Gripped. Terrified. Panicked.
These are the words I could use to describe the time a small rock slide started while we were in a chute on Mt. Sneffels, or the time I got lost at a resort and ended up on a black run instead of a blue, or the time my dog had an allergic reaction while we were backpacking, but this time it was much more simple. I was on the second to last hold on V2 that I had just been crushing during a bouldering league practice. Frozen, and running out of strength fast, I could have gotten myself out of this situation by grabbing the finish hold and climbing back down the rungs to the ground. Unfortunately, my brain could not process that plan as I hung, knees balled up toward my chest, feet having long since slipped from their respective holds. I became hyper aware of everyone in the bouldering area of the gym looking at me, as the blood started pounding in my ears blocking out everyone who I assume was saying “you’re fine”, “what’s wrong”, and “just let go”. Eventually, I managed to peel one finger at a time off of the hold I was grabbing for just long enough to grasp a down-climbing rung, and swing down hand over hand flailing my legs until I slipped off. Flat on the mat with tears on my face and my breath coming painfully fast, I could feel hands touching my shoulders and I slowly inched backward from the wall to get out of the way.
“You could have just jumped, you would have been fine.” Their words echoed what the logical part of my brain already knew, but couldn’t get through the sheet of panic. It echoes again and again after every job I’m too afraid to go for and every coffee date I don’t set up with a new acquaintance or old friend, every time I chicken out I hear it and I hate myself….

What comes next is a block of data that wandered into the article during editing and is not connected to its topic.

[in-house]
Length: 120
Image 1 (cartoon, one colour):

“You could have jumped, you would have been fine”
“You could have jumped”
“You. Could. Have. JUMPED.”
We might not all show it in panic attacks, but there is something in all of us that tries to keep us from jumping. Fear. Anxiety. Insecurity. I could get the thesaurus out, but you all know these feelings and no matter how hard it was, we have all mastered them! And yet, they still plague us. It can pop up on a boulder problem when one second before we were feeling super solid, or on that kick turn that feels too exposed when you were just crushing the skin up, or just before that presentation at work when you were just feeling so confident… the floor falls out from under us. Hopefully, not because there’s an avalanche, but the emotional storm can crush and suffocate us nonetheless. And yet, we stand back up.
We get back on the mountain.
And we jump.
The truth is, I came back to the next league practice to be super frustrated that the problem I panicked on had been reset and didn’t exist anymore; inducing feelings of so much relief that I didn’t have to go back up there, and then guilt for feeling so relieved. However, I did finish three other V2s that day…..and down-climbed most of the way down before jumping.
You don’t have to jump from the top to make a jump. Just jump.